Hardshell fleece is a fleece with a smooth outer surface that resists some tears, making it exceptionally hard wearing. The downside is they offer less wind resistance than fill insulation. They also tend to be bulkier than fill insulation and fleece options.
Fleece offers excellent air permeability and moisture management. The texture of the fabric is soft, which makes it very comfortable against the skin. A fleece works best when worn under a protective shell and offers the least stand-alone weather protection of all the options.

Outer Layers Water & Windproof

This layer protects you from the wind, rain or snow. The outer shell is the most important layer when weather turns bad because it prevents wind and water from penetrating your inner layers. When looking to buy an outer layer look for one that is waterproof and breathable. While this is often the most expensive choice, it is the most functional.
When trying on outer shells try to put a few other layers underneath to see how it fits. The outer layer should be roomy enough to fit over other layers and not restrict your movement.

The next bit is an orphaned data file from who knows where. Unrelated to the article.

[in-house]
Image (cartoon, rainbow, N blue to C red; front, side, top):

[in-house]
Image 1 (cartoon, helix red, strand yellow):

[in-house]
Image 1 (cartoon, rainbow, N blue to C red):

The weather in Patagonia is characterized by being unpredictable in the four seasons of the year.
Here we leave a table showing the influence of variable weather conditions and wind on the thermal sensation:

Wind Speed [km/hr] Temperature
10ºC 4,4ºC -1,1ºC
Thermal sensation [ºC]
8 9 2,8 -2,8
16 4,4 -2,2 -8,8
24 2,2 -5,5 -12,8
32 0 -7,8 -15,5
40 -1,1 -8,8 -17,8
48 -2,2 -10,5 -18,9
56 -2,8 -11,6 -20
64 -3,3 -12,2 -21,1

Little by little the green begins to return after the harsh winter. Thus, average temperatures between 2°C and 10°C can be expected, with absolute maximums that can exceed 15°C. Although it is not the season of the strongest and most persistent winds, beyond the statistics, it is always possible that Patagonia will surprise us with a storm to show all its power! Therefore, you must come prepared for everything, the use of the proper clothing will be essential for you to enjoy your experience in these latitudes.

Adapted by Wilmor and Costill (2004)